Now, Congress can vote to defund the troops, as that is THEIR consitutional perogative. But they can only defund the troops, not declare peace. Defunding the troops can force us to withdraw, and maybe even force us to surrender. But defunding the troops also means taking a clearly defined stand. Something politicians (from both parties) these days seem unwilling to do, no matter how dire the need.

Nixon was never impeached. He resigned under the threat of impeachment.

Article III cases and controversy requirement - there needs to be a justiciable issue. Infighting between congress and President will not trigger a judicial inquiry. Congress is limited in its action against a President (read impeachment). Once the impeachment train gets on the track, the Constitution spells out the process - which does not include the Supreme Court stepping in to make a call.

The Supreme Court is not going to make a decision that could be questioned or disregarded - that would weaken their institution. If Supreme Court decided President power was limited to a certain point, but there was no Constitutional basis for the limitation placed by the SC, President could disregard, SC would have no course of action against the President, and the "sanctity" of SC decision would be diminished... they are not going to put themselves in that position.

Want to be President?
What a pair of jokes they are.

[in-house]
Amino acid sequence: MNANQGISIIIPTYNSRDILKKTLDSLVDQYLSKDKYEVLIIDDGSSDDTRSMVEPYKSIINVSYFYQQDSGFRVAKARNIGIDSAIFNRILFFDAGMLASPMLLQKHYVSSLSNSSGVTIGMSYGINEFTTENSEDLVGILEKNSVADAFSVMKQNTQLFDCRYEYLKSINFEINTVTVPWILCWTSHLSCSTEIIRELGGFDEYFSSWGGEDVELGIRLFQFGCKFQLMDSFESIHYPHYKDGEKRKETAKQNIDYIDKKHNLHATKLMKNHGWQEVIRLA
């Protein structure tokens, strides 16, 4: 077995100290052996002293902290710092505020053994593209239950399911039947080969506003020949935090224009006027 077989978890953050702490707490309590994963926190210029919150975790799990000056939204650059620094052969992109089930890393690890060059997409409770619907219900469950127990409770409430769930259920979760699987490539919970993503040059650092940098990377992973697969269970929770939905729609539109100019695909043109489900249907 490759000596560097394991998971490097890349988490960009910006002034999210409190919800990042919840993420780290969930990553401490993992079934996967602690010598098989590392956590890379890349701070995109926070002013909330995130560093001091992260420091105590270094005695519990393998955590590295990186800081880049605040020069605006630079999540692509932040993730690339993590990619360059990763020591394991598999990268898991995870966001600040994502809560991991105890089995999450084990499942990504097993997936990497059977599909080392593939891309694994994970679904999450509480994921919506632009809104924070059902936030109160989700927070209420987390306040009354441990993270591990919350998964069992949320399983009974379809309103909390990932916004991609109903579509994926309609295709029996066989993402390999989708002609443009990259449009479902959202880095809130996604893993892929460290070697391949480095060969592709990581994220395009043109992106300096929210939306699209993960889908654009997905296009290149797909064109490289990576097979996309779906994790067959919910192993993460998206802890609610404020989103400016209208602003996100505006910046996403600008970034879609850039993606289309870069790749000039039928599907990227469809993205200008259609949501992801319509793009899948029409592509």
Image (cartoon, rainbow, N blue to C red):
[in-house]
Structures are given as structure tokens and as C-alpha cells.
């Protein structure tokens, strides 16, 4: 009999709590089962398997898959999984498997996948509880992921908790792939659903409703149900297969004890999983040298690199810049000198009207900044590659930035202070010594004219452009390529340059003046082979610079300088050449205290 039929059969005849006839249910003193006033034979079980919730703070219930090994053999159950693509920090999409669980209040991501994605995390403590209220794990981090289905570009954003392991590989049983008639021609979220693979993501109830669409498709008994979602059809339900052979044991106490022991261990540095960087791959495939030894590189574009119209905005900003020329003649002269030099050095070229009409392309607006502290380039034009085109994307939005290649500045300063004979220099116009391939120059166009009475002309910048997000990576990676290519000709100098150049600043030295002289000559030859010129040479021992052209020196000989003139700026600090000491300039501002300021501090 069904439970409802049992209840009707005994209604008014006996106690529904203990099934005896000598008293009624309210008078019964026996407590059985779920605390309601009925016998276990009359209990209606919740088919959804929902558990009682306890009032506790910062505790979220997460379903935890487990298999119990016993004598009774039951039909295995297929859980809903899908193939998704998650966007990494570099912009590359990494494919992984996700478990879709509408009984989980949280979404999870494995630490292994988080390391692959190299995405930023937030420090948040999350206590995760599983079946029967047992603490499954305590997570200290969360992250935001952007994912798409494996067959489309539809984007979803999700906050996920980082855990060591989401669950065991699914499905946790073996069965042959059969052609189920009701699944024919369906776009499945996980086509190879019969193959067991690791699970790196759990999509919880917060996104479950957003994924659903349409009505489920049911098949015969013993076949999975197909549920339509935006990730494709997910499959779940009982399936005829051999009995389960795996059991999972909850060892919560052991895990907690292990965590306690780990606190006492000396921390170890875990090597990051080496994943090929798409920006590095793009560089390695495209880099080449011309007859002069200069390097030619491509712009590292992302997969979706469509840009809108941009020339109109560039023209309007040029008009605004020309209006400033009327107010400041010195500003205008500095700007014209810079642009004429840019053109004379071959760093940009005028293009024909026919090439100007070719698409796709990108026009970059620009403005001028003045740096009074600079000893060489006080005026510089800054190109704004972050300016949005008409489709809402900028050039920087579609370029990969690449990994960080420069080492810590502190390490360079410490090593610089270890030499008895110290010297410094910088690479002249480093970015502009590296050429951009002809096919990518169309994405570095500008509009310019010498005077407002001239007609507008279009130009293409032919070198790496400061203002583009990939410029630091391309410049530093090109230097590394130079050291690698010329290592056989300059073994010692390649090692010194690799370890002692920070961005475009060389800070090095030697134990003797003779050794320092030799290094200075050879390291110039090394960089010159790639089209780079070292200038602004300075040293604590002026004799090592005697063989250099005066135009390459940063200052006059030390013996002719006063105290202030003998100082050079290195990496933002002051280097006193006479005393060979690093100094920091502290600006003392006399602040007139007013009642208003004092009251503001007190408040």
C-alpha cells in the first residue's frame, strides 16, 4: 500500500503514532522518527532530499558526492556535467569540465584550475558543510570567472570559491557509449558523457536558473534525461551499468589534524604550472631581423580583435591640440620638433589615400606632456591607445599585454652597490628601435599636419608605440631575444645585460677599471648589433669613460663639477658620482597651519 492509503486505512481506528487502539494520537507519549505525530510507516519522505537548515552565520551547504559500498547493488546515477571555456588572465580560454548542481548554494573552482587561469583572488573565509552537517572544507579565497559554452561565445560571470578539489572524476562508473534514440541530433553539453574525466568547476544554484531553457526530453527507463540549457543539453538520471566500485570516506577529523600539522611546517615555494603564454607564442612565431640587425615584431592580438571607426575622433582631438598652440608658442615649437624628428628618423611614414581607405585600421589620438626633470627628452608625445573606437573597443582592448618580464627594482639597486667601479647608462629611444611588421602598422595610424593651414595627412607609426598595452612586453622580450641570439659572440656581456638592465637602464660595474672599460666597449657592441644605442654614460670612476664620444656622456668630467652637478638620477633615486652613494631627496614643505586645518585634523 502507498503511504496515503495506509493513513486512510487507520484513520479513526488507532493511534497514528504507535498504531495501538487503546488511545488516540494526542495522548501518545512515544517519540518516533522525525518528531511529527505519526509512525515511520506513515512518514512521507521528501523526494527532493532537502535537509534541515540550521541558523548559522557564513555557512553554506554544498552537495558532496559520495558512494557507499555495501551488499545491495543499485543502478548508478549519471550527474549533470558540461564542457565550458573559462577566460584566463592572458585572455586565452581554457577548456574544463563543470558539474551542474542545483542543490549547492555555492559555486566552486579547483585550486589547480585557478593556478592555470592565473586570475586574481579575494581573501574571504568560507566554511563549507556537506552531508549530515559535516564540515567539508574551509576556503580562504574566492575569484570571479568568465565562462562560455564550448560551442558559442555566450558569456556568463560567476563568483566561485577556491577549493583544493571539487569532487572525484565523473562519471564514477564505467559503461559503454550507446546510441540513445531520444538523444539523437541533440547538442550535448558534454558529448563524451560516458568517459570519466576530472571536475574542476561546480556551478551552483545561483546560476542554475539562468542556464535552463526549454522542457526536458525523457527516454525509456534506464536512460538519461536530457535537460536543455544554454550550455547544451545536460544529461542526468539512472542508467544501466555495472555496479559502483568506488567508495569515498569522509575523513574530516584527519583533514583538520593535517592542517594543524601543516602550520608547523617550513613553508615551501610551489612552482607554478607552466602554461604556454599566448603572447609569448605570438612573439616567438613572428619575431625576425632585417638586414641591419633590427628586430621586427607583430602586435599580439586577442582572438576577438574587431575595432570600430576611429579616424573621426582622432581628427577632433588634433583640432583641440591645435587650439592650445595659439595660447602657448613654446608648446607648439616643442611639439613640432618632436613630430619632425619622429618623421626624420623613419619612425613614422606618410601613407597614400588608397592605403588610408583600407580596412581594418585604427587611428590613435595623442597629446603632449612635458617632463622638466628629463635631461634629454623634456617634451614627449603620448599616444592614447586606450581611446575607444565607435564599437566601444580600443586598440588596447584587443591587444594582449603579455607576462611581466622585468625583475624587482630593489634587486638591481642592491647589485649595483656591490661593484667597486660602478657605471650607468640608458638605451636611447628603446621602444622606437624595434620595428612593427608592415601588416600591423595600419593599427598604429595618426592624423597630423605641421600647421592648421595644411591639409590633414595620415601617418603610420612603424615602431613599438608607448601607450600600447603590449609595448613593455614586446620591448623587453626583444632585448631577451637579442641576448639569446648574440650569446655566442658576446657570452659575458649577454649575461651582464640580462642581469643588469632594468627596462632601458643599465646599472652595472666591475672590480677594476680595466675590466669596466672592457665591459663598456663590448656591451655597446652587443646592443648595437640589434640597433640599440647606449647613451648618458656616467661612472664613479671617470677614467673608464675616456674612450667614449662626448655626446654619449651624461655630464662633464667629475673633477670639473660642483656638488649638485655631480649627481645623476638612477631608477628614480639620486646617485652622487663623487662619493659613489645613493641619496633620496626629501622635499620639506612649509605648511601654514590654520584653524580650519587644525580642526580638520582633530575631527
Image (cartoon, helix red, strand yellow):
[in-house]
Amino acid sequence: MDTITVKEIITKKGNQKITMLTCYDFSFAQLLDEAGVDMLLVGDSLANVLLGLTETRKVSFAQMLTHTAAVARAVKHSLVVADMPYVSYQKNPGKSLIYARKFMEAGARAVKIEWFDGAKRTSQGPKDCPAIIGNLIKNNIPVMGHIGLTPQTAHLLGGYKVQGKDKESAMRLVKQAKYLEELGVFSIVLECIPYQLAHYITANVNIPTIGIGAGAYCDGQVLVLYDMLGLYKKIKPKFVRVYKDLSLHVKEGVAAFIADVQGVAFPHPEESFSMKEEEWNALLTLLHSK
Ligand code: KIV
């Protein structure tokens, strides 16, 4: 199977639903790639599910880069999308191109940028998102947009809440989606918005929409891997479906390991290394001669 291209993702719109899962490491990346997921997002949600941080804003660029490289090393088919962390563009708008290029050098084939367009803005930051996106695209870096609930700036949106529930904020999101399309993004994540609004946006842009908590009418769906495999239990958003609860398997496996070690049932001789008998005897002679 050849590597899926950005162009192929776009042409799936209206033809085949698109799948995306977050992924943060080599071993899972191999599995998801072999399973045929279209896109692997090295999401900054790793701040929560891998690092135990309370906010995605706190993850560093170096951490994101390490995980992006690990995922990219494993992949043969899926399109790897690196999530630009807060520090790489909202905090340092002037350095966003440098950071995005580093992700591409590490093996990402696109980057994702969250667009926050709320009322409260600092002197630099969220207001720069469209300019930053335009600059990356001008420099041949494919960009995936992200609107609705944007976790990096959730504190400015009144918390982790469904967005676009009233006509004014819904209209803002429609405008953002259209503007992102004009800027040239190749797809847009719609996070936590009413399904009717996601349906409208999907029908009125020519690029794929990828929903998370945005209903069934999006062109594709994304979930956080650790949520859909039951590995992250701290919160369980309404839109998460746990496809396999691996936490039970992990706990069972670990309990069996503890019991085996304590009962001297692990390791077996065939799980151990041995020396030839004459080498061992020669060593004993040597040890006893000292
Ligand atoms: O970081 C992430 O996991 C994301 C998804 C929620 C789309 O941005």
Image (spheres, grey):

...Senator Plugs and Senator Comb-Over running together on the Hair Club ticket.

"We can all do our part to save the planet by dying." - R.E. Finch

"And wouldn't we be protecting our troops..."
I have heard or read this statement so many times lately (no offense, AE; I know how you meant it) that the very concept is becoming legitimized with a life of its own. Congressman Tom Davis of Virginia made the point in his speech suppporting the SurrenderPhaseOne resolution, that we should protect the troops.
This thinking is completly backwards and needs to be countered every single time it is trotted out. It is the duty and responsibility of the troops to protect us. That is why the military exists!

Yes, the pervailing narrative is that our troops are conscripted lambs being sent to an immoral and illegal slaughter and we (or They Who Know Better in DC) have to step in to protect them. Once that narrative is in place, Biden and Levin have a much easier sell.

"I'm kind of old-fashioned. I like to engage my brain before my mouth." Donald Rumsfeld

can gyrate and gymble and do all their little treasonous back-stabbing manoeuvers, but the American people will hold them accountable for their lack of support for the troops.

When treason rules the land, none dare call it treason.